Mental Illness = Disease of the Mind




May is Children’s Mental Health Awareness Month. All children deserve role models to show them positive ways of living all year round, not just during the one month designated for mental health awareness.


On the Rez there’s always an abundance of unhealthy role models for our children to imitate. Alcohol, drug, gambling and violence addictions are witnessed by our young people more often than healthy life paths are.


Social networking websites which exist today give even more opportunities for people who lack integrity to influence young people. There is a lot of online bullying happening on the Rez. Bullying even happens through text messages. When someone suffers from bullying, it affects their mental health.


People tend to be very bold online. Many who won’t look us in the eye in person have no problem typing hateful words aimed at us in cyberspace. But it may not be disrespect – the person could actually be suffering from mental illness. Consequently, I equate mental illness as disease of the mind.


When our young people go online to visit social networking sites, I am sure they are regularly disrespected by both their peers and mentally ill adults. Parents have a huge influence in their children’s lives. Parents also have the power to ensure their children grow into mentally healthy adults.


This week I was thinking about the phenomenon on the Rez in which adults will teach their children how to carry a generational grudge. That is, many families have been at war for generations over nothing. Now these grudges will happen for a number of reasons and I am sure you can think of many examples without me listing all the scenarios here. In any case, it is not good for the mental health of anyone to go through life carrying a grudge.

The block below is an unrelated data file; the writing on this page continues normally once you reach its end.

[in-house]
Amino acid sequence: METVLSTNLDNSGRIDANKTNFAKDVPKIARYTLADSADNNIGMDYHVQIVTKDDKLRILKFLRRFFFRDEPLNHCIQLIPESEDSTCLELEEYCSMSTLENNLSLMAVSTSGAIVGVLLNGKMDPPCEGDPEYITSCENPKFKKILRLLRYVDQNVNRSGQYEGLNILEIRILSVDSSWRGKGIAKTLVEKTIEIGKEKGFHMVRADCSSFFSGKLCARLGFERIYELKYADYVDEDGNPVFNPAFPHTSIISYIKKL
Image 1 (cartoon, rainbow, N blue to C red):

It’s even worse when you make your children to carry that grudge for you. For instance, say your mom had a disagreement with your friend’s mom. They are good friends but they have that falling out. You always play with the children of your moms’ friends. Now you are forced to carry their falling out and give up your friends.


Also, the children, pre-teens, teenagers and young adults in the family of the person your mom had the disagreement are either totally ignoring you or else they glare at you when you see them. It’s very unhealthy for mentally ill moms, dads, aunties, uncles, grandpas or grandmas to coach their younger family members to ignore or glare at people.


The falling out we have with another person should be between us as individuals. It’s an extreme example of disease of the mind – which is the exact opposite of mental health – when you force your children to hold grudges against the adults you are pissed at.


It’s terrible when little children grow up to be just as vindictive as their parents or extended family members. This is not a Lakota virtue. It’s up to us to heal our disease of the mind.

Published by Vi Waln


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